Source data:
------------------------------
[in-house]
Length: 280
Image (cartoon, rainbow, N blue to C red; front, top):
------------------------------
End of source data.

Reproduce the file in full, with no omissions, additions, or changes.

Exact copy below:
[in-house]
Length: 280
Image (cartoon, rainbow, N blue to C red; front, top):